Why You Should Apply for StartupBus


Applications for StartupBus 2013 are now open. I was lucky enough to ride the NYC StartupBus last year and it was both a personal and career shaping journey. If you’re a part of, or interested in, the startup world you should strongly consider applying for this year. Not convinced? Let me tell you a bit about StartupBus and my experience with it.

What is StartupBus?

Before I get too deep into things, you may be wondering “What exactly is StartupBus?” You can find the robust and historically accurate description on the StartupBus site. Here’s my short version: StartupBus is a three day adventure where you build a startup on a bus with total strangers. There are multiple buses leaving from different cities, but all the buses journeys end in Austin, TX where a big unrelated tech conference is taking place. Sounds crazy, right?

What makes it so great?

I went into StartupBus not completely knowing what to expect. I had done a lot of hackathons and thought it may be kind of like that. I was totally wrong. StartupBus is unlike any other experience I’ve had. Here are a handful of things (in no specific order) that I think make it especially great.

1) You’re encouraged to work with people you don’t really know prior to the bus. When Nate, Jen, Pnts, Johan, Rob and I organized around Nate’s idea for a happiness app, we may have only loosely known of each other. By the end of the trip, it was like a crew of friends who had known each other for years. We shared this intense and awesome experience together that I don’t think any of us will ever forget.

2) The focus is to create something that could be a real startup. As a team you don’t just work on a product, but also a business model and creating a good pitch. Our team created a happiness tracking app called Happstr, and in the process we learned about markets we didn’t know existed before the bus. I, personally, learned about approaching ideas in a completely new way (especially thanks to Mike Caprio the inspiring conductor for the 2012 NYC StartupBus). You can read a bit about Happstr in Mashable and The Atlantic.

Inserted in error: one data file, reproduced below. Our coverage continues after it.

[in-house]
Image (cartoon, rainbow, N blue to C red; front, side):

3) StartupBus exposes you to a robust startup landscape that you may not know exists. Our first night on the bus we stopped in Nashville. There was a big welcome party for us at the Hard Rock Cafe where we got to meet with some awesome people from the Nashville startup scene. The next morning we visited the Entrepreneur Center where we were able to get some awesome mentoring and pitch coaching. The following night we stopped over in Baton Rouge, where once again we got to meet some of the best and brightest in the Louisiana scene. Oh yeah, and along the way you’re connecting with buses from other cities. So you get to meet not only awesome people from your stopovers, but from other buses, too. It’s easiest to get caught up in the tech circle where I live, and StartupBus was an amazing reminder of how much bigger this all is than just a city or region.

4) Building something in a compressed amount of time under extreme conditions is extremely rewarding. Internet on the bus was inconsistent, our team had never worked together before, and we were running on little sleep. For me, that makes what we created that much more exciting.

5) It doesn’t end once the trip is over. StartupBus is a engaged and active community that supports and encourages each other. I’ve been amazed by how supportive Busprenuers have been to each other outside of what happens on the bus.

Have you applied yet?

Seriously, go apply. I promise you won’t regret it.